South Mountain Community College excels in serving Hispanic STEM students

The Office of Community College Research and Leadership (OCCRL) recognized South Mountain Community College (SMCC) for excelling in its support for Hispanic STEM students.

The OCCRL works to “improve policies, programs, and practices to enhance community college education and transition to college for diverse learners at the state, national, and international levels,” according to its website.

OCCRL recently visited SMCC to learn more about its programs and examine it for Hispanic-Serving Community College STEM Pipelines, a case study for a National Science Foundation grant.

PR and marketing manager Bruce Battle said SMCC was honored to have OCCRL visit, and “we are thrilled that the hard work of so many at the college, from the leadership, and faculty to the students themselves, is transforming the lives of so many.”

SMCC works to guide all of its students down the path of academic success, but it realizes that students come from a variety of backgrounds and face unique challenges.

“At SMCC we look at the whole student. We don’t necessarily consider whether the student is Hispanic or not, but we do consider the fact that many of our students are simply not exposed to the opportunities available to them,” Battle said. “We recognize the need to raise the bar of expectations, and they rise to the occasion.”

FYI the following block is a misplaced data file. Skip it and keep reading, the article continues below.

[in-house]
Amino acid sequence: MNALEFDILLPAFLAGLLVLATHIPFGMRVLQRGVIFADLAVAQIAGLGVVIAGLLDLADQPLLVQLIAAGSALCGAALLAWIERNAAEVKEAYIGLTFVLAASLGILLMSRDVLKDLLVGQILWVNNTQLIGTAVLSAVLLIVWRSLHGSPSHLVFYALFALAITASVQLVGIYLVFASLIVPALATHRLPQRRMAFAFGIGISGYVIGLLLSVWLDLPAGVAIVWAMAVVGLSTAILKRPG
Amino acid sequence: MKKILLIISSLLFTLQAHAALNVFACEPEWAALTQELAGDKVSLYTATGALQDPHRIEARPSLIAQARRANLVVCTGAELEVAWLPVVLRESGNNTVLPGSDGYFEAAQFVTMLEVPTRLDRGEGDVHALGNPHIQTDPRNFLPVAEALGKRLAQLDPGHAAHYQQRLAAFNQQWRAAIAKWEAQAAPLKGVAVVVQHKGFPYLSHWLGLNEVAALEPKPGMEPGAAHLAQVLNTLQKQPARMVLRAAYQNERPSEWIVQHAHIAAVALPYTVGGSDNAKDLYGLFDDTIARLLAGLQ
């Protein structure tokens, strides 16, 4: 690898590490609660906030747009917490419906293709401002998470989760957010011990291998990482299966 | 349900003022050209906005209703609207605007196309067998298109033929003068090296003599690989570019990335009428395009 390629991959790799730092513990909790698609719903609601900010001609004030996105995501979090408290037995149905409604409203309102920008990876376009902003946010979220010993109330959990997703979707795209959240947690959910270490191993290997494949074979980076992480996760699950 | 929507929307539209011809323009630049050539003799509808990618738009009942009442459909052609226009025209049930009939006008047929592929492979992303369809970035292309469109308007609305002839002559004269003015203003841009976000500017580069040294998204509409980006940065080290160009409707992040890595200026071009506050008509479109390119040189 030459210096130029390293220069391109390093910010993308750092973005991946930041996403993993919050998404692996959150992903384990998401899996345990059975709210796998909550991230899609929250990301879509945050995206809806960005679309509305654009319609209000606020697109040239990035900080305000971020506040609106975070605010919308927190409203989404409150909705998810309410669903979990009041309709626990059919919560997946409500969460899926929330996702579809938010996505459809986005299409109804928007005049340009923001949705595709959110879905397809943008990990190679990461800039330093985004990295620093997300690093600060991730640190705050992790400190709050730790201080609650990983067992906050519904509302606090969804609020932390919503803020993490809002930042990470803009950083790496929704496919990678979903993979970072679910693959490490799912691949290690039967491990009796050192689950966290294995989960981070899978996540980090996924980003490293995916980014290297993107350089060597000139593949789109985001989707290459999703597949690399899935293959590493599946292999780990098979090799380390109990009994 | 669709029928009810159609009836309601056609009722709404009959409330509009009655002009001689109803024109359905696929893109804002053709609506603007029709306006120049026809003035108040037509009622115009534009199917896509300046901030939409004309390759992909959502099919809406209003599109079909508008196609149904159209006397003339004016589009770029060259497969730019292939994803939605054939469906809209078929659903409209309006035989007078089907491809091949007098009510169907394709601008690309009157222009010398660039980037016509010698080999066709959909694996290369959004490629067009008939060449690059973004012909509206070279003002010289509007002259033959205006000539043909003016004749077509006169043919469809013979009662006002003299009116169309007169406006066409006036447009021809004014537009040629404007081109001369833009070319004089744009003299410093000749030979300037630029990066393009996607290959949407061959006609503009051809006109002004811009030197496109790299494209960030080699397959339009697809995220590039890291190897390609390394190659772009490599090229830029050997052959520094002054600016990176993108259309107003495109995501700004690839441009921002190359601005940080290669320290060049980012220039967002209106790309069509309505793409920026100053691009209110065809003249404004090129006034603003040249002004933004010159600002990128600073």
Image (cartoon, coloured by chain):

He said, “Faculty tell stories of students who come back to visit once they have transferred to university. All of them without exception described how the nurturing environment at SMCC bolstered their success, and how much the care and concern they showed meant to them as a person.”

According to the U.S Department of Education Hispanics and STEM report, Hispanics accounted for 16 percent of the U.S. population between 2009 and 2010 but earned just 8 percent of all certificates and degrees awarded in the STEM fields.

But, STEM jobs are rapidly growing and need to be filled.

According to the Smithsonian Science Education Center (SMEC), STEM-related jobs grew at three times the rate of non-STEM job between 2000 and 2010. The growth continues as the SSEC said it was projected that 2.4 million STEM jobs would go unfilled by 2018.

Supporting Hispanic students in their STEM-related endeavors- just as SMEC does- will help ensure diversity in those high-demand jobs.

In addition to its noteworthy efforts to promote STEM for its Hispanic students, Battle explained that SMCC partners with Intel for the Hermanas Latinas Conference every year.

He said it “encourages young Latina students to pursue the STEM fields, specifically engineering.”

Sierra Ciaramella

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